1. The process of improving the pliability of an organic polyether which comprises subjecting the same in a semi-solid to molten state to between about 1.0 and 15,000 watt-sec./cm. of surface thereof of accelerated electrons at a temperature of about 35-200 C. but above its crystalline melting point, said organic polyether having a crystalline melting point of at least about 35 C., a molecular weight in excess of 1000 and a carbon: etheroxygen ratio between about 2:1 and 10:1.
where n is a plural integer between 2 and 10, inclusive.
3. The invention of claim 1 in which the irradiation temperature is about -50 C. above the crystalline melting point of the organic polyether.
4. The invention of claim 3 in which the irradiation temperature is not above about 125 C.
5. The method of improving the physical properties of polyethylene oxide which comprises irradiating the same in a semi-solid to molten state with about 1.015,000 watt-sec./cm. of surface thereof of accelerated electrons at a temperature above its crystalline melting point and between about 35-200" C.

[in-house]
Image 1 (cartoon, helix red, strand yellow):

6. The method of improving the physical properties of polytetramethylene oxide which comprises irradiating the same in a semi-solid to molten state with about 1.0-15,000 watt-sec./cm. of surface thereof of accelerated electrons at a temperature above its crystalline melting point and between about 35-200 C.
7. The method of improving the physical properties of polyvinyl isobutyl ether which comprises irradiating the same in a semi-solid to molten state with about 1.015,000 watt-sec./cm. of surface thereof of accelerated electrons at a temperature above its crystalline melting point and between about -200 C.
References Cited in the file of this patent UNITED STATES PATENTS 2,855,517 Rainer et a1. Oct. 7, 1958 FOREIGN PATENTS 740,899 Great Britain Nov. 23, 1955 761,051 Great Britain Nov. 7, 1956 665,262 Great Britain Jan. 23, 1952 OTHER REFERENCES Little: Nature," vol. 170, December 20, 1952, pp. 1075 and 1076.
Ind. & Eng. Chem, vol. 45, pp. 11A, 13A, September 1953.
Mincher: KAPL-731 Summary of Available Data on Radiation Damage to Various Non-Metallic Materials," April 2, 1952, pages 3, 4 and 5, declassified February 18, 1955.